Swim Far Far Away
“A feeling of exultation overtook her, as if some power of significant import had been given her to control the working of her body and her soul. She grew daring and reckless, overestimating her strength. She wanted to swim far out, where no women had swum before” (X, 47).
Throughout life we have all come across a moment when we seek to discover our identity and what our purpose is in life. We strive to uncover what we want to do with our lives and what the future holds for us. Our minds are filled with questions and decisions that make us realize how hard life is.
This was quite the case for the protagonist Edna Pontellier in the famous novel, The Awakening, by Kate Chopin. The novel portraits Edna as a young wife who searches to figure out her true identity in the mist of falling in love with another man other than her husband. She is wrapped around her desire to be with Robert at times as well as being alone and free from everyone surrounding her. In fact, in the schema of spending a summer at Grand Isle, Edna realized that, “…she was seeing with different eyes and making the assimilation of new conditions in herself that colored and changed her environment…” (XIV 67). She begins to discover the meaning of who she is and what she really wants in life. We can all relate to this, especially during our teen years because we are growing and learning more about what we want and who we want in our lives.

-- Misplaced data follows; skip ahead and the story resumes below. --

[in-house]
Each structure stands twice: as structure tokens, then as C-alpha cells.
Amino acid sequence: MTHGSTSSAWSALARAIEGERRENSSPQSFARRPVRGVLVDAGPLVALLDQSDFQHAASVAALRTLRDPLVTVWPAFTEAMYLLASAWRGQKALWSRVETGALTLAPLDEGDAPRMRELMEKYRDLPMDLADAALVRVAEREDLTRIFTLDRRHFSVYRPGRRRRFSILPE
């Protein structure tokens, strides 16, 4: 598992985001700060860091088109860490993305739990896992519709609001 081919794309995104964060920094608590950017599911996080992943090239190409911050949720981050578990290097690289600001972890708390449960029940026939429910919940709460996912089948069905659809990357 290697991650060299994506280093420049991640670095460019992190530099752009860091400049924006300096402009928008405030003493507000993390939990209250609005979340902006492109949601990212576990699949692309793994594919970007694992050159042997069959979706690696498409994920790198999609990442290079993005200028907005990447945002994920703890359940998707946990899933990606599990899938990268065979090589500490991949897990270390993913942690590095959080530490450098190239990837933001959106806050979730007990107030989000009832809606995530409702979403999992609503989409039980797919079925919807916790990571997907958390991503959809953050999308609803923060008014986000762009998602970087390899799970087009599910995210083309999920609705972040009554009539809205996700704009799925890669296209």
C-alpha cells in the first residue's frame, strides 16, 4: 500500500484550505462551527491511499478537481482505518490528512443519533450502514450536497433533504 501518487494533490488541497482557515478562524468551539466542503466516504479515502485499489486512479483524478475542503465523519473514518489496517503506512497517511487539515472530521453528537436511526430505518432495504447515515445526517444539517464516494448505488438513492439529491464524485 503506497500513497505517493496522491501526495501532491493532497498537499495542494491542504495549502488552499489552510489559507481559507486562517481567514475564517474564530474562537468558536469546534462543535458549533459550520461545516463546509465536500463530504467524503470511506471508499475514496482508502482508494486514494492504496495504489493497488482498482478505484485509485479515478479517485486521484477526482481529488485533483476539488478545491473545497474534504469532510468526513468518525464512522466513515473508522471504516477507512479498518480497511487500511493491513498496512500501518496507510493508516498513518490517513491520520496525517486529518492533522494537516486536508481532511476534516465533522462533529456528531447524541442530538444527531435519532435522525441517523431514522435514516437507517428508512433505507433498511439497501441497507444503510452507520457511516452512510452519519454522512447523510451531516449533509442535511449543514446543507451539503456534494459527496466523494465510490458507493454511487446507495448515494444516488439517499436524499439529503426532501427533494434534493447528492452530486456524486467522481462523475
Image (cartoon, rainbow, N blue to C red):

However, as the story continues, Edna loses hope in ever finding her soul purpose in life, when she recognizes that Robert is moving to Mexico without having consented with her before hand. As soon as he leaves, she falls in a deeper hole of confusion with her life and digs deeper into living farther and farther away from her precious kids and her dull husband. In fact, “there were days when she was unhappy, she did not know why — when it did not seem worth while to be glad or sorry, to be alive or dead, when life appeared to her like a grotesque pandemonium and humanity like worms struggling blindly toward inevitable annihilation” (97). She lost hope and found no light at the end of the tunnel.
This similar feeling that Edna felt as she struggles to discover her identity can be seen in each and everyone one us at some point in our lives. Whether it be figuring out our true love, where we would like to attend college, and much more. With all these decisions we are constantly thinking of what will benefit us in the long run and as we take a step forward, we end up falling back into a deeper hole of confusion. Above all what we learn about these moments in our lives is not the frustration, but the fact that we realize how hard life can be.We begin to acknowledge that life is not a piece of cake, but instead a jungle full of triumphs and struggles in which we learn to uncover reality.